At the Australian Museum’s Climate Solutions Centre we are delighted by the historic outcome of the global summit for nature, just concluded in Montreal. The 15th Conference of the Parties to the Convention on Biological Diversity (COP15) resulted in an agreement signed by nearly 200 nations to protect 30% of the planet for nature by 2030.

The 15th Conference of the Parties to the Convention on Biological Diversity (COP15) resulted in an agreement signed by nearly 200 nations to protect 30% of the planet for nature by 2030.

River flowing from a glacier
River flowing from a glacier. Image: Mario Álvarez
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The agreement crucially places a strong emphasis on indigenous leadership in conservation, redirects US$500billion of environmentally destructive subsidies, and triples funding for conservation in developing countries. The commitment also includes restoring 30% of the planet’s degraded ecosystems and some (limited) reduction to pesticide use. Global cooperation on these fronts has been a long time in the making and it is critical to ensuring a liveable biosphere.

COP 15 had started with the UN calling for a ‘ceasefire’ on nature. Negotiators, including Australia’s Hon Tanya Plibersek MP, finally resolved the agreement on 19th December at 3:30am Montreal time. Australia was an important contributor, signing up for the global leaders’ pledge for nature. During the two weeks of COP15 Plibersek introduced an ambitious target of zero new extinctions in Australia and is on board with ’30 by 30’ - protecting 30% of land and sea in Australia by 2030.

At the AM, we support species conservation through research and education. The research carried out by the scientists in the Australian Museum Research Institute (AMRI) increases our understanding of animal life and the impacts of climate change and other pressures on species over time, through fieldwork, wildlife genomics, other collections-based and lab-based research and data collection through citizen science projects. All of this builds the knowledge needed for more effective biodiversity conservation. The AM’s exhibitions, digital resources, public programs and education programs help to bolster awareness of how individuals and groups can support species conservation. The Climate Solutions Centre contributes to this work, highlighting nature-based solutions to the climate crisis.

Superb Lyrebird, Menura novaehollandiae
Superb Lyrebird, Menura novaehollandiae. Image: haruspex
CC BY-NC 4.0 (

This year’s global climate conference, COP27 (the 27th Conference of the Parties to the UN Framework Convention on Climate Change), in Sharm el-Sheikh last month may not have achieved the significant ratcheting up of emissions reduction targets that we need, but it did bring some wins for climate solutions. Most notably, the assembled countries forged an agreement for long-term high emitters to send ‘Loss and Damage’ funds to developing nations being hit hard by climate-induced disasters. Another reason for optimism was the strengthening of the united efforts of governments, business and community leaders in the Forest and Climate Leaders’ Partnership (FCLP). The partnership established actions to advance the hugely significant commitment by 140 countries at COP26 to halt deforestation and land degradation by 2030.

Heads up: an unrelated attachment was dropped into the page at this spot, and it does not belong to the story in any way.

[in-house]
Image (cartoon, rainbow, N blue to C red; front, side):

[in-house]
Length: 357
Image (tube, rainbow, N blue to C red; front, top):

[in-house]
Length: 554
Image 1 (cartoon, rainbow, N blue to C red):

Australia joined the Global Offshore Wind Alliance and our Climate Minister, Chris Bowen, announced a bid to host COP31 in 2026. Australia’s improved emissions reduction target was noticed, but overall global reduction commitments are still insufficient to deliver a safe climate. The final Sharm-el-Sheik agreement failed to include a reference to the emissions needing to peak by 2025 to keep the goal of 1.5°C warming alive. Fossil fuels are not being phased out quickly enough and global emissions, unfortunately, continue to rise.

We were therefore glad to see advances in the area that the Climate Solutions Centre works in most directly: Action for Climate Empowerment (ACE). Advancing ACE is a Paris Agreement commitment – to advance public education and engagement, to enable fully-informed, effective responses to the climate crisis. To tune into panel discussions relating to ACE, including a Ministerial Session, ‘Youth Demand Quality Climate Education’:

If we want informed communities, able to ramp up solutions and prepare for disasters, then museums and other institutions interfacing with the public need to do much more to support ACE. We need to open up awareness about the climate and ecological crisis and highlight ways to take action. At COP27, there were talks and pavilion displays by the International Council of Museums (ICOM), the Climate Heritage Network, Climate Outreach, America Is Still In and others representing the cultural sector. At the AM’s Climate Solutions Centre we are curating on-site and touring exhibitions, events, digital content (visit our climate change pages!) and developing new climate education resources.

We continue to need everyone, everywhere, to tackle this crisis. To find out more about what you can do, visit our Climate Solutions page or our ‘Changing Climate’ exhibition on the 2nd floor of the AM or, from now until the end of January, our ‘Future Now’ touring exhibition of dioramas about the benefits of regenerating nature and living sustainably in the AM’s Hintze Hall.

Feel free to email the Curator of Climate Change at the AM’s Climate Solution Centre, Dr Jenny Newell, if you have questions or if you’d like to join our mailing list to be kept up to date on our climate programs.